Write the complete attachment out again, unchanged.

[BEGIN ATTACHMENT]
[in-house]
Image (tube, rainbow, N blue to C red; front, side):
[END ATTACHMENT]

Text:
[in-house]
Image (tube, rainbow, N blue to C red; front, side):